Move over graphene, phosphorene is in town

New material promises to overcome electronic issue of graphene

Carbon is a very versatile element. It has long been identified by its allotropes of graphite and diamond, but more recent research has let us in on a number of tricks up its sleeve. Most popular are the carbon nanotube and Buckminsterfullerene (bucky ball), and even these can come in sub categories of single wall, multiwall, various chiralties, C60 vs. C 120 and so on. Where does it end? Perhaps with the beginning of other options.

There’s no doubting that carbon allotropes will maintain their popularity and that there is yet to be a climax in the interesting properties they possess (or are expected to). All that attention, however, has overshadowed other options from the periodic table. That is where phosphorus is now turning heads.

Black phosphorus can provide atomic sheets, and like graphene, has a hexagonal atomic structure. There is a big difference between the two when it comes to electronic properties. Graphene, a single sheet of graphite, acts quite differently. It behaves as a semi-metal and has no band gap.

Phosphorene is a semiconductor and has a natural band gap. That means it can exhibit conductive or insulative properties. This versatility is the foundation for silicon-based electronics and a prerequisite for use as a “switch” in advanced computing.

Researchers in the US and China have successfully isolated 2 or 3 atomic layers, though not yet isolating a single phosphorene layer. The process for extraction is similar to graphene isolation where an adhesive layer is used to “peel” off atoms (called mechanical exfoliation).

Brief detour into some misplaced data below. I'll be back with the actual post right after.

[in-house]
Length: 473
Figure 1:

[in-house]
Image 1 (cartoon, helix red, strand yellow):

Phosphorene shows promise as an elemental replacement for molybdenum disulfide which has been worked with for years. There are other “enes” as well. For instance, single-layer silicon (silicene), germanium (germanene) and tin (stanene) have also been investigated. All of these materials still face varying obstacles to commercialization, but work to manufacture and understand them continues.

Graphene is by no means obsolete for many reasons, but one reason is that progress has been made on its use in switching needed for transistor applications. The researchers exploited a property of graphene called negative differential resistance to modify the charge transfer. Under specific conditions, when charge is applied the voltage of the circuit is reduced.

Although graphene is still a very young and promising material, the need for diversity in materials is evident. Phosphorene has native properties that graphene lacks which make it a promising transistor material, but both materials, as well as other competitors, need more work.


Image courtesy of RSC News